Global Trends in Battery Technology: A Patent Perspective

February 17, 2023
By: Nicole LaBerge, Nicholas Watermeyer[1], Noel Courage

As the drive towards renewable energy use gains pace, there has been an increase in global patent filings relating to battery technology. While lithium-ion batteries currently dominate the battery market, they have several disadvantages. For instance, the manufacture of lithium-ion batteries requires large quantities of energy and water to extract raw materials.[2] The high demand for lithium batteries has resulted in global shortages of the raw materials, particularly the metals lithium, nickel, and cobalt. Commercial lithium-ion batteries also suffer from low energy density and are susceptible to dendrite formation which causes short-circuits and shortens battery life.[3] Furthermore, most lithium-ion batteries use liquid electrolytes which contain flammable organic solvents and represent a fire hazard.

Efforts to address these issues have resulted in an uptick in innovative activity with respect to redox flow batteries, solid state electrolytes, and alternative non-lithium-ion chemistries. This article provides an overview of patent filing trends relating to these technologies in the United States, Europe, and Canada.

Redox Flow Batteries

Redox flow batteries (RFBs) are a rapidly emerging electricity storage technology and are an attractive alternative to lithium-ion batteries. RFBs operate by circulating positively and negatively-charged liquid electrolyte solutions through porous electrodes held on opposite sides of an ion-exchange membrane. Ions migrate from the negative electrode to the positive electrode via the membrane, while electrons flow from the negative solution to the negative electrode, through an external circuit to the positive electrode, and then to the positive solution.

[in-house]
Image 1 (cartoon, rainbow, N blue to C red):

RFBs can be operated as fuel cell, by replacing spent electrolyte with fresh electrolyte, or like a rechargeable battery, by applying an electric current to the system to regenerate the electrolyte solutions. The amount of energy stored can be scaled by changing the electrolyte tank volume. In some applications, RFBs can also provide a safer, more durable, and more scalable alternative to lithium-ion batteries.

Patent activity surrounding RFBs indicates that they are of increasing interest. Over the last 10 years, the number of patent families filed in the patent classification (called “cooperative patent class” or CPC) relating to RFBs[4] has more than doubled in Europe and the United States (Figure I).[5] Many of these filings cite vanadium/vanadate as the redox-active cation in their claims, which suggests that this is the electrode of choice for these types of cells. The popularity of this metal in RFBs is likely due to its high redox reversibility and consistent power output over multiple cycles.

Figure I: Published patent families in H01M8/188 from 2012-2021.

The top filers in the US, Canada, and Europe between 2017-2021 were US aerospace company Lockheed Martin (228 patent families) and Japanese company Sumitomo Electric Industries (433 patent families). More than half of all patent families filed in the H01M8/188 class during this time were filed in the United States indicating its commercial importance as a market and manufacturing centre for this technology.

Solid State Batteries

Solid state battery technology provides a promising means of overcoming some of the problems associated with traditional liquid electrolyte lithium batteries. Solid-state batteries use solid ceramic or polymer-based electrolytes instead of the traditional solvent-based liquid electrolytes. Although the technology is still at an early stage of development, it promises to provide a more thermally stable, less flammable, simpler, and more durable class of batteries.[6] Given these anticipated advantages, solid-state batteries have considerable potential.